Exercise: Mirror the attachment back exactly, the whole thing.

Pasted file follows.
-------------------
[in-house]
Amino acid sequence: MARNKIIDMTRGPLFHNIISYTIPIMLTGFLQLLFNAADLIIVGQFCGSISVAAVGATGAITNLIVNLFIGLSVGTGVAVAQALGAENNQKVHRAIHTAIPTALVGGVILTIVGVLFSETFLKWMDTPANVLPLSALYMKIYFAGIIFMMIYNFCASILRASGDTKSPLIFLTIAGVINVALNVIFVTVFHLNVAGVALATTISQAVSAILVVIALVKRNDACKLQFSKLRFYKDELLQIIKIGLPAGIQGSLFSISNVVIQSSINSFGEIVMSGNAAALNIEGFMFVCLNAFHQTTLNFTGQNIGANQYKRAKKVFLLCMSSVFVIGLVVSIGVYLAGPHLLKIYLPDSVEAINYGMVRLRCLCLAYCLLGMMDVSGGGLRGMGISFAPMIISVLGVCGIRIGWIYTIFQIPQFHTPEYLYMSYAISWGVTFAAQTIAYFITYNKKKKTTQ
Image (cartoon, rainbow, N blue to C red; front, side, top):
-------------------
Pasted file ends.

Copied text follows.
[in-house]
Amino acid sequence: MARNKIIDMTRGPLFHNIISYTIPIMLTGFLQLLFNAADLIIVGQFCGSISVAAVGATGAITNLIVNLFIGLSVGTGVAVAQALGAENNQKVHRAIHTAIPTALVGGVILTIVGVLFSETFLKWMDTPANVLPLSALYMKIYFAGIIFMMIYNFCASILRASGDTKSPLIFLTIAGVINVALNVIFVTVFHLNVAGVALATTISQAVSAILVVIALVKRNDACKLQFSKLRFYKDELLQIIKIGLPAGIQGSLFSISNVVIQSSINSFGEIVMSGNAAALNIEGFMFVCLNAFHQTTLNFTGQNIGANQYKRAKKVFLLCMSSVFVIGLVVSIGVYLAGPHLLKIYLPDSVEAINYGMVRLRCLCLAYCLLGMMDVSGGGLRGMGISFAPMIISVLGVCGIRIGWIYTIFQIPQFHTPEYLYMSYAISWGVTFAAQTIAYFITYNKKKKTTQ
Image (cartoon, rainbow, N blue to C red; front, side, top):